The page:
Did You Know…? Celebrating Asian Pacific American Heritage Month by Grace Yia-Hei Kao

We are now more than a week into Asian Pacific American Heritage Month. Since it’s not always clear to me what is generally known (or not known) about Asian Americans, let me test out a few things here.

Did you know…


Continue reading “Did You Know…? Celebrating Asian Pacific American Heritage Month by Grace Yia-Hei Kao”

Announcing PANAAWTM 2018 by Grace Yia-Hei Kao

As a faculty advisor and member of the local and steering committees, I’m excited to announce that the 33rd annual conference of PANAAWTM (Pacific, Asian, and North American Asian Women in Theology and Ministry) is fast approaching–April 12-14, 2018, to be exact.

This year’s theme, “Embodied Selves: Inter-religious Engagements,” showcases PANAAWTM’s desire to broaden beyond our traditional (Christian) focus and audience. Not coincidentally, we will be meeting primarily in the Fish Interfaith Center at Chapman University.

Continue reading “Announcing PANAAWTM 2018 by Grace Yia-Hei Kao”

Introducing the 2018 Progressive Asian American Christian (PAAC) Lent Devotional by Grace Yia Hei Kao

I’ve been part of an exciting online community for the past 1.5 years called Progressive Asian American Christians (PAAC) that was founded by two women: Lydia Shiu, a pastor (at City Church San Francisco) who originally created the PAAC Facebook group, and Liz Lin, a writer whose viral blog, “The Loneliness of the Progressive Asian American Christian,” is largely responsible for populating it.

PAAC describes itself thusly:

PAAC is a community for socially, politically, and theologically progressive Asian American Christians (of East, Southeast, South, and West Asian descent, as well as Pacific Islanders and Native Hawaiians) to support each other and talk about faith, identity, and current events. Continue reading “Introducing the 2018 Progressive Asian American Christian (PAAC) Lent Devotional by Grace Yia Hei Kao”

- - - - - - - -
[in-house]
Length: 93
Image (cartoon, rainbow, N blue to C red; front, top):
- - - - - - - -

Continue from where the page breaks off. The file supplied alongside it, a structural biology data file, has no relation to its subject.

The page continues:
Feminist Theologies: Past, Present, and Future

On February 7, 2012, a panel discussion focused on the past, present, and future of feminist theologies took place at Claremont Graduate University to celebrate the release of TheOxford Handbook on Feminist Theology.  The panel was organized by John Erickson, moderated by Grace Kao, and featured Karen Torjesen, Rosemary Radford Ruether, Gina Messina-Dysert, Zayne Kassam, and Sheila Briggs as presenters.  What resulted was a terrific discussion about women, religion, and feminist theologies.  Many were in attendance and participated in the panel; for those who were unable to attend, here is a video of the presentations from that evening.  We look forward to you sharing your thoughts and comments about the past, present, and future of feminist theologies.

Finding my Voice through the Vagina Monologues By Anonymous

This post is written in conjunction with the Feminist Ethics Course Dialogue project sponsored by Claremont School of Theology in the Claremont Lincoln University Consortium,  Claremont Graduate University, and directed by Grace Yia-Hei Kao.

“Are you going to the Vagina Monologues try-outs tonight?” my friend asked me last year after class.

“I hadn’t planned on it,” I replied cautiously. Truth be told, the word ‘vagina’ made me uncomfortable. There were yearly productions of the Vagina Monologues at my undergraduate institution, but I never went. I thought it was a time when women gathered and performed monologues they had written, and I thought it demeaning to have these monologues named metonymically. I did not want to be associated with the Monologues: I was in favor of women’s equality, but I did not want to claim my sexuality in so visceral a manner. In my mind, the ‘Vagina’ of Vagina Monologues just referred to the actresses, not the content.

How wrong I was.  Continue reading “Finding my Voice through the Vagina Monologues By Anonymous”

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